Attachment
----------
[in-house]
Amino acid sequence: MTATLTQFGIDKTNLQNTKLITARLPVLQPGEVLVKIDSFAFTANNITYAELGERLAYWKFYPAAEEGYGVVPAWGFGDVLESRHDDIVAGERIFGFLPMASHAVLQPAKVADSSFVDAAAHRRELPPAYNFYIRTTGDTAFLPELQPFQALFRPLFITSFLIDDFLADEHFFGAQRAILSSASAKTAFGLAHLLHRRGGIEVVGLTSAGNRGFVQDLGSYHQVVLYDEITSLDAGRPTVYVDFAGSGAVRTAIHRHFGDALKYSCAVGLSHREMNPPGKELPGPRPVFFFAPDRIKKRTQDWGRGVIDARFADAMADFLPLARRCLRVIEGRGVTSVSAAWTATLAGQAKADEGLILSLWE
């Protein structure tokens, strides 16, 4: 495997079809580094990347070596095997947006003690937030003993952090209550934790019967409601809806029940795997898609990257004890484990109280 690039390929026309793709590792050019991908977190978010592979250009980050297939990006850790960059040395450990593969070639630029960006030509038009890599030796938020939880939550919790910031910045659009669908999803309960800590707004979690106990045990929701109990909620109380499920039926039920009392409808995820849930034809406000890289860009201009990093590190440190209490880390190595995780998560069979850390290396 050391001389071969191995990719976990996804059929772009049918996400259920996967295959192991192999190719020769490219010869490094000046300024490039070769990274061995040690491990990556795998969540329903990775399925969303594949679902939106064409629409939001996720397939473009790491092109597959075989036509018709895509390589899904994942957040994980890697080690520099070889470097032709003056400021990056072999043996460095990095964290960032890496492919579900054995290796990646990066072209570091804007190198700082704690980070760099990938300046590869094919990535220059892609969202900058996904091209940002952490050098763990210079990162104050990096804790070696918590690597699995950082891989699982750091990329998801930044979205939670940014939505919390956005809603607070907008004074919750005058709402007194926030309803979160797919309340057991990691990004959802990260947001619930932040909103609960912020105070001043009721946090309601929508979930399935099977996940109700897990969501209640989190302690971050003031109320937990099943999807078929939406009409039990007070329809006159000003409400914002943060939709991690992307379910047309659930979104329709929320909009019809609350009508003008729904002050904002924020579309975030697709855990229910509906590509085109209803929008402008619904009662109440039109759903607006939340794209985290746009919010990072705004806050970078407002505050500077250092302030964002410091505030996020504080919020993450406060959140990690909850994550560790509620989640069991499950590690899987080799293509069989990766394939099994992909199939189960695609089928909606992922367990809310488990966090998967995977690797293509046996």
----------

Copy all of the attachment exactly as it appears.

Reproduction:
[in-house]
Amino acid sequence: MTATLTQFGIDKTNLQNTKLITARLPVLQPGEVLVKIDSFAFTANNITYAELGERLAYWKFYPAAEEGYGVVPAWGFGDVLESRHDDIVAGERIFGFLPMASHAVLQPAKVADSSFVDAAAHRRELPPAYNFYIRTTGDTAFLPELQPFQALFRPLFITSFLIDDFLADEHFFGAQRAILSSASAKTAFGLAHLLHRRGGIEVVGLTSAGNRGFVQDLGSYHQVVLYDEITSLDAGRPTVYVDFAGSGAVRTAIHRHFGDALKYSCAVGLSHREMNPPGKELPGPRPVFFFAPDRIKKRTQDWGRGVIDARFADAMADFLPLARRCLRVIEGRGVTSVSAAWTATLAGQAKADEGLILSLWE
């Protein structure tokens, strides 16, 4: 495997079809580094990347070596095997947006003690937030003993952090209550934790019967409601809806029940795997898609990257004890484990109280 690039390929026309793709590792050019991908977190978010592979250009980050297939990006850790960059040395450990593969070639630029960006030509038009890599030796938020939880939550919790910031910045659009669908999803309960800590707004979690106990045990929701109990909620109380499920039926039920009392409808995820849930034809406000890289860009201009990093590190440190209490880390190595995780998560069979850390290396 050391001389071969191995990719976990996804059929772009049918996400259920996967295959192991192999190719020769490219010869490094000046300024490039070769990274061995040690491990990556795998969540329903990775399925969303594949679902939106064409629409939001996720397939473009790491092109597959075989036509018709895509390589899904994942957040994980890697080690520099070889470097032709003056400021990056072999043996460095990095964290960032890496492919579900054995290796990646990066072209570091804007190198700082704690980070760099990938300046590869094919990535220059892609969202900058996904091209940002952490050098763990210079990162104050990096804790070696918590690597699995950082891989699982750091990329998801930044979205939670940014939505919390956005809603607070907008004074919750005058709402007194926030309803979160797919309340057991990691990004959802990260947001619930932040909103609960912020105070001043009721946090309601929508979930399935099977996940109700897990969501209640989190302690971050003031109320937990099943999807078929939406009409039990007070329809006159000003409400914002943060939709991690992307379910047309659930979104329709929320909009019809609350009508003008729904002050904002924020579309975030697709855990229910509906590509085109209803929008402008619904009662109440039109759903607006939340794209985290746009919010990072705004806050970078407002505050500077250092302030964002410091505030996020504080919020993450406060959140990690909850994550560790509620989640069991499950590690899987080799293509069989990766394939099994992909199939189960695609089928909606992922367990809310488990966090998967995977690797293509046996």